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Generative models like latent variable models (e.g. VAE) use directed graphical models and these sort of factorizations as a foundation for learning. In VAEs, Neural nets are used to estimate posteriors/priors to generate samples. This sort of explicit factorization is helpful in other generative models as well like autoregressive models which are basically ...


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As far as I know, it doesn't make sense to say that a probability distribution is i.i.d., as you're saying. The property i.i.d. is a property of a sequence of random variables. In your case, the random variables are $z_i = (x_i, y_i)$, so it's not just the input $y_i$ or the label $y_i$, but both. The rest of the explanation can be taken from the other ...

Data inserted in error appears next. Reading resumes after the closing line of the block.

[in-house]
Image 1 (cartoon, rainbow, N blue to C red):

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A sequence of $n$ random variables $z_{1:n} = z_1, z_2, \dots, z_n$ is i.i.d. if they are identically distributed, i.e. each random variable $z_i$ has the same distribution the joint distribution of all of them is just the product of the marginal distributions of each r.v. So, let's imagine a thought experiment in which we throw a coin $n$ times, so you ...


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